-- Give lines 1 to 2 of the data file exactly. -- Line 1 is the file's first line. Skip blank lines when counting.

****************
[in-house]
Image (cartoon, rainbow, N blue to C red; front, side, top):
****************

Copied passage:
[in-house]
Image (cartoon, rainbow, N blue to C red; front, side, top):